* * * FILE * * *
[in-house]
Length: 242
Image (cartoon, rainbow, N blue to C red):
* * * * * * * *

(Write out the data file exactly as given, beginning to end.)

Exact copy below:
[in-house]
Length: 242
Image (cartoon, rainbow, N blue to C red):